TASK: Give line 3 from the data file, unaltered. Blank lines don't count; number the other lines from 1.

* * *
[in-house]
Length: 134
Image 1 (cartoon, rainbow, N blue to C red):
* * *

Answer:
Image 1 (cartoon, rainbow, N blue to C red):